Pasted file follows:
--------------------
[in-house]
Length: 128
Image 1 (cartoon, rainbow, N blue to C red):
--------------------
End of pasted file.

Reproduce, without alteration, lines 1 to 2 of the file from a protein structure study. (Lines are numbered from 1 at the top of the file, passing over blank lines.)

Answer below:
[in-house]
Length: 128